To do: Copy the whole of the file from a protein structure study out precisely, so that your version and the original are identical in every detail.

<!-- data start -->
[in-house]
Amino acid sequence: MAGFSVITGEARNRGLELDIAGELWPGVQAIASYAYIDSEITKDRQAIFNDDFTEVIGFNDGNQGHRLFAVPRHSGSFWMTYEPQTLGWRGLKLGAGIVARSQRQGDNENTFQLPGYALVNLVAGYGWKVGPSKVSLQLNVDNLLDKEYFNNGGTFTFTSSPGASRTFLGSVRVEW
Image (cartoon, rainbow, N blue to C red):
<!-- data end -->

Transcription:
[in-house]
Amino acid sequence: MAGFSVITGEARNRGLELDIAGELWPGVQAIASYAYIDSEITKDRQAIFNDDFTEVIGFNDGNQGHRLFAVPRHSGSFWMTYEPQTLGWRGLKLGAGIVARSQRQGDNENTFQLPGYALVNLVAGYGWKVGPSKVSLQLNVDNLLDKEYFNNGGTFTFTSSPGASRTFLGSVRVEW
Image (cartoon, rainbow, N blue to C red):